Does Ukraine hold the key to Russia’s future?

World Policy JournalThe MIT World Policy Journal is celebrating its 25th anniversary by making access to its Fall 2008 journal for free until the end of November.

The 25th anniversary issue looks ahead to the next 25 years and, in Russia’s Rotting Empire, Nina L Khrushcheva (yes – before you ask – she’s Nikita Kruschev’s great-granddaughter) has penned a look at Russia’s next quarter century.

It’s an interesting article overall, but there were two things I found particularly interesting.

First – Khrushcheva’s view that political change in Russia is cyclical:

“…periods of ‘remission’ (a retreat from total dictatorship) or reforms, and periods of ‘oppression’ or stability have alternated consistently in the last century…”

I do agree, but wonder – if we accept that Russia is in the early stages of a period of “oppression”, how deep will it go, and how long will it be before the next about turn that leads towards reform. Are we in for many more years of sliding towards authoritarianism and a strong Russian state, or will the more frantic pace of globalisation speed up the Russian political cycle?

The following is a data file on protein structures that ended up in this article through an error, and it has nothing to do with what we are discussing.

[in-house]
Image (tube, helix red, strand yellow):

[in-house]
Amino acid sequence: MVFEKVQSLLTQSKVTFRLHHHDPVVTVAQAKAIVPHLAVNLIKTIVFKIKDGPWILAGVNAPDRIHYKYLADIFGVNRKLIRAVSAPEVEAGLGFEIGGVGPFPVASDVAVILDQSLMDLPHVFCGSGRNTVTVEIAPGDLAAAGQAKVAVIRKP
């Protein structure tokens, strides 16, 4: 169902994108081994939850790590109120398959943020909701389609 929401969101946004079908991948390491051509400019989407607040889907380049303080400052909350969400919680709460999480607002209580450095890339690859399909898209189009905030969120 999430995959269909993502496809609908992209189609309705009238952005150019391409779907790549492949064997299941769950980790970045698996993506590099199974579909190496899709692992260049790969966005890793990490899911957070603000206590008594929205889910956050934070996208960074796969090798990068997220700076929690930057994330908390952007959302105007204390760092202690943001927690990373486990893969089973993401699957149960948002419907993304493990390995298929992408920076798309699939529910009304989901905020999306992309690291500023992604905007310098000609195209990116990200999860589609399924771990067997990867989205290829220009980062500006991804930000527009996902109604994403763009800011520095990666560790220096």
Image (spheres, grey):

The second point, which I found intriguing given the disdain with which many Russians view Ukraine (and the fact that Khrushchev was a Ukrainian), was Khrushcheva’s argument that Ukraine could hold the key to Russia’s future.

“Russians know that Ukrainians are the same as them, a people similar in their culture and mentality. If they have made their choice, why can’t we do the same? Thus, if Ukraine succeeds over the next 25 years, it may herald the political death of Putinism.

[…]The best way to help Russia today is to help Ukraine over the coming decades support its claim that it belongs within the European fold, among European institutions.”